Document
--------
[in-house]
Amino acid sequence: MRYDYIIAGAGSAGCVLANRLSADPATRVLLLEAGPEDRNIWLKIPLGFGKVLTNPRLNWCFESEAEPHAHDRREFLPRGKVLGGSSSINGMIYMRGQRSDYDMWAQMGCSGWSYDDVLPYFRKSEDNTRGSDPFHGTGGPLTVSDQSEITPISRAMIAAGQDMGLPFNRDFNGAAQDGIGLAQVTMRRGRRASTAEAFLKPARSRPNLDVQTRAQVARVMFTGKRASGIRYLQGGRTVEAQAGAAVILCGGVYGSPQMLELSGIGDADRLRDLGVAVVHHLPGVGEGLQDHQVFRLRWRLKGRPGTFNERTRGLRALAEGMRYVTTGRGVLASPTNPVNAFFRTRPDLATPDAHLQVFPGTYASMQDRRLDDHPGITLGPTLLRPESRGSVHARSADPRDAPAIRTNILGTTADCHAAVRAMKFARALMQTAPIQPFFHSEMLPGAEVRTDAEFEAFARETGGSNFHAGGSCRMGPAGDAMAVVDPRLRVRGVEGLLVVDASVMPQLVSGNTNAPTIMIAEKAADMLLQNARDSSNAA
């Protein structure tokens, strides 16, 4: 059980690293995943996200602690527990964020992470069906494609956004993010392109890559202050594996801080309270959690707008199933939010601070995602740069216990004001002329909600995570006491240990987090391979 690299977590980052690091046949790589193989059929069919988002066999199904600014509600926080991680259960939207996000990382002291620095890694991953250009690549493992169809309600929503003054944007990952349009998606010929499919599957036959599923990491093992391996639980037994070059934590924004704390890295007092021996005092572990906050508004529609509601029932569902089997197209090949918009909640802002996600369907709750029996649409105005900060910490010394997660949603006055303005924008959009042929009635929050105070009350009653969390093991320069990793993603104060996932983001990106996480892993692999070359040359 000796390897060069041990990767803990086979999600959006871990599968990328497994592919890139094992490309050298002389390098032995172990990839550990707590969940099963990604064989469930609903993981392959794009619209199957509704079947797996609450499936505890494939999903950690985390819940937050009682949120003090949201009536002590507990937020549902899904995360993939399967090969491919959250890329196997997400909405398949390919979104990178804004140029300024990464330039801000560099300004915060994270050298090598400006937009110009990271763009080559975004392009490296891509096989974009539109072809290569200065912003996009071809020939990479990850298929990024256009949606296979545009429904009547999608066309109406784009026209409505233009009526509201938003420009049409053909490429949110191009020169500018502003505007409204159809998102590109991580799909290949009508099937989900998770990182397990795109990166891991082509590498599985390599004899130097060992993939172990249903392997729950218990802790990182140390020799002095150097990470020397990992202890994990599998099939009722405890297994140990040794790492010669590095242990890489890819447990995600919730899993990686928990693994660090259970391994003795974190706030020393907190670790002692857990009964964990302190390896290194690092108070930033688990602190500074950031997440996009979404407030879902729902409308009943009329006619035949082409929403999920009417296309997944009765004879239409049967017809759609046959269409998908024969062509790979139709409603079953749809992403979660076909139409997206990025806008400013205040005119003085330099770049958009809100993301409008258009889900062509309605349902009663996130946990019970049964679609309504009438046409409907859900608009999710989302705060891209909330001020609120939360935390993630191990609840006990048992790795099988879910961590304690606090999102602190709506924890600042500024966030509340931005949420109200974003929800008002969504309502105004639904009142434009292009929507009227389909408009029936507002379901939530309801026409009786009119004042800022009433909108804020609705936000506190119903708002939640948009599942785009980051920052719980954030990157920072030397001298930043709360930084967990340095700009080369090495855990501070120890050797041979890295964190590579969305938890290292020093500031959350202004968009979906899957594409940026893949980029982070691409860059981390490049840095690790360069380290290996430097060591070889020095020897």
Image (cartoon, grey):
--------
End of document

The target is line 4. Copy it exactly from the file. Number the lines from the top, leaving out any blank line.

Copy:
Image (cartoon, grey):